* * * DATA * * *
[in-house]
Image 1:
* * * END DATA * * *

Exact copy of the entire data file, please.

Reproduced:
[in-house]
Image 1: